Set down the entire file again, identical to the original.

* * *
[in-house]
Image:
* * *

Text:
[in-house]
Image: